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10 Takeaways From Latest National Cover Crop Survey

Jason Jenkins
By  Jason Jenkins , DTN Crops Editor
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Nearly two-thirds of respondents to the 2023 National Cover Crop Survey indicated they planted mixes blending grasses, legumes and/or brassicas. (Photo by Pamela Smith)

JEFFERSON CITY, Mo. (DTN) -- Incentives may play a role in getting farmers to initially adopt cover crops, but there is overwhelming interest in continuing the practice even after payments cease, based on the results of the latest National Cover Crop Survey Report.

On Monday, the Agricultural Retailers Association hosted a webinar during which the results of the 2023 survey were presented and discussed. The findings of the survey, the first in three years, were based on responses from nearly 800 farmers in 49 states.

According to the survey, 90.3% of the farmers receiving cover crop incentives reported they would definitely or probably continue planting cover crops after the payments ended.

"Some people mistakenly assume that farmers only stick with cover crops because of payments, but this year's survey provided a very different perspective," said Rob Myers, director of the University of Missouri Center for Regenerative Agriculture and lead researcher on the survey. "What the survey showed is that cover crop incentive payments are an important factor in encouraging and helping farmers to transition into cover cropping, but once they see the soil health improvements and other cover crop benefits, most stick with cover crop planting long after the incentives end."

The report was issued jointly by the USDA-NIFA Sustainable Agriculture Research and Education (SARE) program, the Conservation Technology Information Center (CTIC) and the American Seed Trade Association (ASTA). In addition to being the first survey since 2020, it was also the first to explore livestock and cover crops. One in four respondents integrated livestock into their cover crop program. Of those who grazed cover crops, 76% reported a net increase in profit from the practice.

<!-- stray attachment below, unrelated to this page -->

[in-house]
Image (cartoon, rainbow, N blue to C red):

Here are nine other takeaways from the 2023 survey:

-- Cover crop users participating in the survey, including producers of grain, other commodities and horticultural crops, planted an average (mean) of 413.6 acres of cover crops in 2022, an increase from 303 acres indicated in the first survey in 2012.

-- Farmers with 10 or more years of cover crop experience increased their soybean yields by 6.3% and their corn yields by 6.27%. In contrast, farmers with two years or less of cover crop experience had more modest gains, with a 3.37% yield increase in soybeans following cover crops and no statistically different yields in corn.

-- Improved soil health was a key goal for 95% of the cover crop users and a high-priority research item for 87%.

-- Though 91% of cover crop users selected "add soil organic matter/sequestering carbon" as a key priority, only 16% of the users in the survey who received payments in 2022 reported participating in a carbon market program.

-- 61% of the cover crop users reported planting green--seeding cash crops into a growing or just-terminated cover crop somewhere in their operation.

-- In corn, 42% of cover croppers reported saving money on herbicides and 55% saw no change in herbicide expenditures. Among the "no change" group, three out of four observed better weed control in corn after cover crops.

-- Of the farmers using cover crops, 70.3% said it was helpful when transitioning to no-till, in part because of reduced soil compaction, better weed control and better soil moisture management.

-- Despite choosing not to plant cover crops, the majority of non-users expressed a willingness to consider trying them (or trying them again). Of the respondents to the question, "Are you open to considering using cover crops on your farm?" 50% answered "definitely or probably yes," while 30% replied "maybe."

-- Non-users reported interest in reducing inputs by using cover crops (70% agreement) but were primarily deterred from adoption by concerns over economic return (selected by 60% from a list of barriers to adoption), followed by worries of yield reductions following cover crops (58.7%). Non-users were eager for information addressing their economic concerns (63%), as well as for incentive or cost-share payments (59%).

A copy of the complete survey report can be downloaded here:…

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